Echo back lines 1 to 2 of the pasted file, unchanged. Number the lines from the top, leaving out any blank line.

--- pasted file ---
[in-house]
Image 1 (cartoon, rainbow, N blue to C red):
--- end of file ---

[in-house]
Image 1 (cartoon, rainbow, N blue to C red):